While prioritizing natural light during the day is key, it's also important to manage light to regulate your sleep. Using blackout curtains to block the light during summer and utilizing the natural light during the winter season will regulate your circadian rhythms, improving your sleep-wake cycle.
Additionally, artificial bedroom lighting should be soft and diffused to create a warm and inviting glow. 'Creating a calm atmosphere is essential, so replace any harsh overhead lights with layered lighting options, like lamps and dimmer switches,' advises Devin Shaffer. 'Opt for warm bulbs with adjustable brightness to amplify that relaxing mood.'
We recommend this Feit electric smart LED light, from Walmart, which allows you to change brightness and light warmth via your phone.
Your bed is the cornerstone of quality rest, so it should always be a focus when organizing your room for better sleep.
Scandinavian design prioritizes high-quality materials, so Georgina Ross recommends investing in high-quality bedding and a comfortable mattress. 'The tactile experience of your bed significantly affects your sleep, so choose breathable, natural fabrics that offer comfort and support.'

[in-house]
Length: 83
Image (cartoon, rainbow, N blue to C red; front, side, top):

Additionally, if you share a bed with a partner, consider arranging your bedding using the Scandinavian sleep method of using separate duvets, where you switch out a double comforter for two singles to promote undisturbed sleep.
'Sleeping in the same bed as someone else and sharing a duvet with them can reduce sleep by 30%,' explains Alison Jones, a sleep expert at leading mattress brand Sealy.
Sleeping under two separate duvets or comforters rather than sharing one large-size cover helps to isolate motion, regulate temperature, and allow for customized comfort, leading to less disruptive and more restorative sleep.
5. Opt for a soothing color palette
'Stick to neutral and earthy tones, complemented by soft pastels. These colors are gentle on the eyes and help create a tranquil space that encourages relaxation and unwinding before bedtime,' explains Georgina Ross.
6. Arrange furniture
Create a serene environment by organizing furniture in a way that emphasizes Scandinavian minimalism, keeping the layout simple and open.